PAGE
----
Dude in Distress Strip 80

6th Aug 2018, 7:01 AM in First Date
Dude in Distress Strip 80
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EssayBee 6th Aug 2018, 7:01 AM
Here's strip 80 of Dude in Distress, and it seems the conversation may be circling back to Femme's demons.


Black Rose 6th Aug 2018, 7:22 AM
Sounds like that there was a tragedy in FF's life???
...(RockB) 6th Aug 2018, 9:59 PM
Clark seems to disagree with her explanation/reasoning... I find it healthy.
EssayBee 7th Aug 2018, 9:28 AM
Not sure if he disagrees or just doesn't totally get the distinction. We'll be hearing more about Femme's past that shaped her thinking, but I think it's safe to assume her time as High Battle Princess is a big part of it.
...(RockB) 8th Aug 2018, 1:08 AM
Yeah, another thought I had while reading this page was 'a quite reliable way of getting someone to abhor war would be to expose him/her to the reality of it - and getting him/her out if it before said reality breaks him/her.' It probably wouldn't work with everybody, some people may not have the empathy needed for this but I think/hope that the vast majority of humans have it.

(Have to hurry already, so, short (about the distinction) - you know the story about the sea stars on the beach and the little girl? If not, I'll tell it tomorrow.)
O8h7w 8th Aug 2018, 12:53 PM
I haven't heard it, please tell!

I like to think that Clark understands the distinction as well as agrees, that his disagreeing face is all about "Then why did you ever command to kill?". It is easy to think that a strong enough force should be able to subdue their enemies without killing if their commander asks for it.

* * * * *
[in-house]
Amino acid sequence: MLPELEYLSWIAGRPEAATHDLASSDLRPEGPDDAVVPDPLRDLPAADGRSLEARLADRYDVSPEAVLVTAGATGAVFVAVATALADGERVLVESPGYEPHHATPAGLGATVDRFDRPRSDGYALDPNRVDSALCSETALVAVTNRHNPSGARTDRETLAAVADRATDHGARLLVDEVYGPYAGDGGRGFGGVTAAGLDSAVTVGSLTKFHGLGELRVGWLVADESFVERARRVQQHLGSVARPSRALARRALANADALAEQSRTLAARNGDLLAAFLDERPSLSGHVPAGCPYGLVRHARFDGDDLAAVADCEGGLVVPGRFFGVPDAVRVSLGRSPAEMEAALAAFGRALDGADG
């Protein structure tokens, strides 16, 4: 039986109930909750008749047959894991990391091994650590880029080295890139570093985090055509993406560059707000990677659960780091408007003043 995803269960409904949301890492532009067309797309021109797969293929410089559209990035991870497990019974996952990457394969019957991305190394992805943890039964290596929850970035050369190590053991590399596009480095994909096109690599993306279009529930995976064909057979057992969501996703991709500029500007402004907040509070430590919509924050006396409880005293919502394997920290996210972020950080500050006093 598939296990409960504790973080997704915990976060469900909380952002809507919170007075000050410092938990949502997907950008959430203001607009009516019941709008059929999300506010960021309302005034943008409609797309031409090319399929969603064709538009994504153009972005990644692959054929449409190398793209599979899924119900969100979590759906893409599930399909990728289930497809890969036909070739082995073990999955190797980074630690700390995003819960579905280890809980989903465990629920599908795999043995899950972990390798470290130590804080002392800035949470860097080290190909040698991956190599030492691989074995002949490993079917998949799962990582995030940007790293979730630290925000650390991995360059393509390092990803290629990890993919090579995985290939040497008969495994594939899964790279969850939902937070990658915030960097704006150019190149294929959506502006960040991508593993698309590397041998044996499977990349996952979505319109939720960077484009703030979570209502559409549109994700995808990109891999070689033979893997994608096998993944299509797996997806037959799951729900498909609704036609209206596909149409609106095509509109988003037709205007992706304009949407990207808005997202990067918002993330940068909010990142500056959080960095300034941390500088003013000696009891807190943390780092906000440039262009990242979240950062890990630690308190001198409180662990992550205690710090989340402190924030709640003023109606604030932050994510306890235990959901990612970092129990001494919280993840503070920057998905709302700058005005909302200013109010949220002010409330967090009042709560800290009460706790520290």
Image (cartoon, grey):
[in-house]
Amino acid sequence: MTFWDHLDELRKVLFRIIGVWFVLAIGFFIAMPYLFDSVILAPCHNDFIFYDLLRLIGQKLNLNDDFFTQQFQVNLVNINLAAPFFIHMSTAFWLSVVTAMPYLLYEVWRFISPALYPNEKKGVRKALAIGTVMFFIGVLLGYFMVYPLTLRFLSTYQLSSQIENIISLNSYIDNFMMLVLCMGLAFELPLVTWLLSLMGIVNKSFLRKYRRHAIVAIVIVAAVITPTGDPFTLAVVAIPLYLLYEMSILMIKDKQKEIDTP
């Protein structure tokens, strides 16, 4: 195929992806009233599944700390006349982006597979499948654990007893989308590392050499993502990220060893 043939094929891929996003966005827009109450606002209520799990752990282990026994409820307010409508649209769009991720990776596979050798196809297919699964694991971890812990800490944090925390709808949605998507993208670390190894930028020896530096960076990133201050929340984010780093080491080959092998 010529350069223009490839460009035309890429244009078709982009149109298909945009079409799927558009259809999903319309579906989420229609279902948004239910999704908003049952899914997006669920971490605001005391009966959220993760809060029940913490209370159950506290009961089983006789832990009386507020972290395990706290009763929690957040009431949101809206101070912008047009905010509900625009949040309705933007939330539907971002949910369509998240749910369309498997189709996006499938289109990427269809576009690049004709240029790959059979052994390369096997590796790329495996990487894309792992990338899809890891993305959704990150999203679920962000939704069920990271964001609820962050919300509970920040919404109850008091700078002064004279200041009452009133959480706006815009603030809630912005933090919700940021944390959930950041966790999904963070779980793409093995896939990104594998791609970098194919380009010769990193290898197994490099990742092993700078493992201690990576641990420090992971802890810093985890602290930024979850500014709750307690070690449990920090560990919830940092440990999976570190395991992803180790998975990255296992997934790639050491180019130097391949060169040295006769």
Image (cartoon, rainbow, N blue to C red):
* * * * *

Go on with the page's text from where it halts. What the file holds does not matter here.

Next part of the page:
...(RockB) 9th Aug 2018, 5:27 PM
Whenever I read an SF story, stories that contain this are my favorite. But it depends on the "technological distance" between the combatants. If this distance is rather small, fights become bloody on both sides. Poul Anderson wrote some stories where e.g. some technological advanced humans got stranded on a much less advanced civilization, but without access to their technology they had to fight merely with their hands and their only (very small) advantage was their knowledge. I won't say that I hated it but me feelings about the stories I read were very near to that.
...(RockB) 9th Aug 2018, 5:11 PM
The story goes about as follows (I don't remember the exact wording, please bear with me):

A man goes to a beach and notices thousands of starfish on the sand, slowly dying. The man realizes that he can't do anything to save them all and becomes very sad. Then he notices a little girl who is picking up starfish one by one and throws them back into the sea. Still sad, the man tells the girl that there are so many on the beach that saving a few is quite pointless and won't make a difference.

The girl picks up another starfish, looks at it, throws it into the water and says "It makes a difference for this one."

Also, "sea star" -> "starfish", I was in a hurry and being German got the better of me: The German word for starfish is "Seestern", literally translated: "seastar" - sorry if that caused some confusion.
EssayBee 9th Aug 2018, 8:48 PM
That story's a perfect analogy.
O8h7w 10th Aug 2018, 10:50 AM
Vielen dank!

No confusion here, as in my native tongue Swedish they are called "sjöstjärna" which is an exact match with the German word - I almost didn't notice!
...(RockB) 17th Aug 2018, 9:53 PM
*high 5* to another European - (sorry EssayBee, that's about the amount of racism I allow myself to have :D)

Thinking about it, 8 days later... Unfortunately, "see stern" might nearly be a valid expression of totally misleading sense in English - American's, don't come to Germany, our language is confusing XD
O8h7w 20th Aug 2018, 7:27 AM
*high 5 returned*